SAMPLE_ESSAY - Although over the past decade J.K Rowlings...

Info iconThis preview shows pages 1–3. Sign up to view the full content.

View Full Document Right Arrow Icon
Although, over the past decade, J.K. Rowling’s popular “Harry Potter” series has earned its place in the literary world by means of instigating a global cultural phenomenon, it has brought with it a dimension of religious controversy that, despite having subsided some since the series reached its end in 2007, remains a prominent and unresolved issue. Because, on the surface, Rowling’s books are a series of children’s stories about witchcraft, a number of religious groups—most prominently, various Christian and Muslim factions—consider “Harry Potter” a threat to their cultural values and, because of its immense popularity, a force capable of undermining the beliefs that they wish their communities to hold. This widespread concern has led to a search for religious subtexts within Rowling’s books, a process by which distressed religious groups hope either to confirm or assuage their suspicions that “Harry Potter” is a detrimental cultural force. However, as many scholars have noted, in the fictional universe of “Harry Potter,” “there are no gods or godlike beings—good or evil—at all” (DeVos 70); “Harry and his friends don’t practice witchcraft as a religion any more than they practice Christianity as a religion” (Krause 59). Consequently, the search for hard evidence of Rowling’s religious allegiances is perpetually inconclusive, often resulting in wishful and overtly biased interpretations by those determined to find what they seek. Yet, despite their lack of specific religious references, Rowling’s “Harry Potter” books have their thematic origins in many religious traditions. Although the fictional universe of “Harry Potter” involves themes central to the Abrahamic religions, it is the traditions of Pagan religion whose influences are most evident within Rowling’s work; both the author’s representations of Pagan philosophies and her frequent invocation of ancient world mythology place “Harry Potter” deep within the context of Pagan belief. 1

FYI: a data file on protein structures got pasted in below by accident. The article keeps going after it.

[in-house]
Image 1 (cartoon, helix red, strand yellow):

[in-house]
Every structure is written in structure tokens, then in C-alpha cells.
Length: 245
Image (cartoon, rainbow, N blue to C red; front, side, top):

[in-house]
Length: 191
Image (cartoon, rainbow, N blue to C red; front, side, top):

Background image of page 1

Info iconThis preview has intentionally blurred sections. Sign up to view the full version.

View Full DocumentRight Arrow Icon
Throughout the “Harry Potter” series, magic plays a central role. Not only is magic used frequently throughout all seven of Rowling’s volumes, but it is the element that defines the wizarding world from the Muggle world and, therefore, is the force upon which the fictional universe of “Harry Potter” is founded. While ideas of magic are present in the traditions of nearly all religions, the manner in which magic exists and functions within the world of “Harry Potter” seems based, most heavily, upon Pagan ideas of the nature of magic—specifically, on those central to the religious tradition of Wicca. In the Wiccan philosophy, magic is often referred to, not as some fantastical supernatural force, but as energy, a force with which even those unaffiliated with Pagan practice are familiar; in the Wiccan sense, magic is “a ‘personal ecology of energy’” (Trevarthen 121)—to use the words of ceremonial magician Alan Moore— or “the power of positive thinking” (Trevarthen 121). Magic is not merely a system of
Background image of page 2
Image of page 3
This is the end of the preview. Sign up to access the rest of the document.

This note was uploaded on 10/27/2011 for the course ECON 125 taught by Professor Diannelabert during the Spring '11 term at Hamilton College.

Page1 / 12

SAMPLE_ESSAY - Although over the past decade J.K Rowlings...

This preview shows document pages 1 - 3. Sign up to view the full document.

View Full Document Right Arrow Icon
Ask a homework question - tutors are online